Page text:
A bone-chilling video of 9/11 has recently been discovered that shows a clear shot of the second plane hitting the South Tower of the World Trade Center from a previously unseen angle.
On September 11, 2001, terrorists hijacked four American commercial airplanes and launched a direct attack against the American people and the Western world as a whole.
According to the official report from the Department of Defense, two planes were flown into the Twin Towers of the World Trade Center in New York City and another into the Pentagon in Arlington, Virginia.
The last plane, United Airlines Flight 93, was headed for Washington, D.C. but never made it.
Courageous passengers, pilots, and crew realized their fate when the hijackers tried to take over their flight so they took action and thwarted their plans.
The plane crashed into a field in Pennsylvania and never reached its intended target.
While everyone on board the plane was killed, countless lives were spared when the terror attack was stopped.
In the days long before smartphones, clear video of the attacks is limited.
However, in a startling development, a previously unseen video of the September 11 attacks has surfaced on YouTube.
The footage captured a rare angle of the second plane striking the South Tower of the World Trade Center.
It provides a clear view of the plane flying toward and hitting the building.
The video, which appears to be filmed from a boat, captures stomach-churning reactions from those who witnessed it.
The uploader of the video claims that he uploaded the video several years ago but it was “accidentally left private” for almost two decades.
The nearly nine-minute-long video was quickly made public last year but has recently gathered widespread attention.
The video was filmed by Kevin Westley, a combat veteran who served in the 2003 Iraq war as an aircraft commander, as he stood on a boat, surrounded by a crowd of stunned spectators, according to National World.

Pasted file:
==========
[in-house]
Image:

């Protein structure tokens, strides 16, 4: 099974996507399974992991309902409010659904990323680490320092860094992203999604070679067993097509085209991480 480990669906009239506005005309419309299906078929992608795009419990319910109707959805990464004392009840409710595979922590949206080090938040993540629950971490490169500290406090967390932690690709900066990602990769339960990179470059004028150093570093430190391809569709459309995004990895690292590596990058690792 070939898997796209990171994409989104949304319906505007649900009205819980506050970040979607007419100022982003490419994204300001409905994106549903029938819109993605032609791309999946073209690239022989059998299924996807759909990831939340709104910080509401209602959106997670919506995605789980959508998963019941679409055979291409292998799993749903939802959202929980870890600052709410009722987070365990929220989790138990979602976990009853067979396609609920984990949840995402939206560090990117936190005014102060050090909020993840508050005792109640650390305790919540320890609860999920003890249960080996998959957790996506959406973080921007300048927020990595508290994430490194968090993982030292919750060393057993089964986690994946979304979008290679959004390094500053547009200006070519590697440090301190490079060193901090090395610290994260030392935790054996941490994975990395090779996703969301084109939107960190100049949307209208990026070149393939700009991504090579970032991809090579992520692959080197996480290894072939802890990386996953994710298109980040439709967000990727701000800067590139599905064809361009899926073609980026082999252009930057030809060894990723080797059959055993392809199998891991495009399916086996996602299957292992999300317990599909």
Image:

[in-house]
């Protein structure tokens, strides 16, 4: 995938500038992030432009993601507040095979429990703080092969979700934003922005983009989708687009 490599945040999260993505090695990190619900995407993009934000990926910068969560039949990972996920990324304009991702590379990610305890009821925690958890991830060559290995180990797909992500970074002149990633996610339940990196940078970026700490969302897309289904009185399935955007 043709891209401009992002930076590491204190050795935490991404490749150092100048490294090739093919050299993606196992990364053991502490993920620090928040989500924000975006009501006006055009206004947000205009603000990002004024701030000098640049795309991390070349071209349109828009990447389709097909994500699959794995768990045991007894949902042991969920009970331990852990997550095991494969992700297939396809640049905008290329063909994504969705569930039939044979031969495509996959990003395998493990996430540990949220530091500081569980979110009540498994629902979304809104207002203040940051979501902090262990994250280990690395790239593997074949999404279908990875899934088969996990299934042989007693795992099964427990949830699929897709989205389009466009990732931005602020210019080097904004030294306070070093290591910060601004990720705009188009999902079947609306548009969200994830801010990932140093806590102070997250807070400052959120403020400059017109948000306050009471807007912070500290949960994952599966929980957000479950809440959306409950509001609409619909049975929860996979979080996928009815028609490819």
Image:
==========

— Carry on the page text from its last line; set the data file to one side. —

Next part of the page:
The footage initially centers on the flames engulfing the North Tower.
However, it dramatically shifts just in time to catch the second plane as it makes its direct approach into the South Tower.
“I posted this video in the 2000s but accidentally left it private until now,” said Westley in the video caption.
“I noticed the video was private and made it public.”
While the emergence of the footage is noteworthy in its own right, critics argue that the circumstances surrounding its 20-year absence from public view raise unsettling questions, according to the Gateway Pundit.
The video has quickly racked up over 7 million views and thousands of comments.
Many commenters noted that it must have been several years after the attacks that the video was first uploaded.
“YouTube was launched on February 14, 2005,” one commenter notes.
“YouTube was founded in 2005 and didn’t really take off until the end of that year,” another adds.
The timing of the upload led to suspicion among several viewers.
“That’s at least 4 years where the ‘I accidentally left it private’ explanation doesn’t hold water,” one comment reads.
“In 2001, most of us could barely watch videos on our dial-up internet, much less upload them.
“We were all glued to our analog NTSC cathode ray tube TVs watching news networks that would have paid good money for this footage.
“What’s the real story here?”
YouTube states that the publishing date of the video is February 2022, but it’s unclear if it would show the date it was uploaded or made public.
Another commenter said, “The video was posted a year ago.
“If he really posted it many years ago, all he would have to do is change the setting from private to public, and the upload date would not change.
“So his story makes no sense.”
YouTube was created by three former PayPal employees: Chad Hurley, Steve Chen, and Jawed Karim.
The website was officially launched on February 14, 2005.
YouTube quickly grew in popularity and was acquired by Google in November 2006 for $1.65 billion in stock.
Upon our investigation, Westley’s account was created back on Dec 31, 2006, according to his YouTube account.
“I posted this video in the 2000s,” Westely wrote in his caption.
If he uploaded the video in the “2000s,” it’s viable that he did so between 2006 and 2010.
Nevertheless, the video provides a vital piece of footage from that tragic and historical day that will never be forgotten.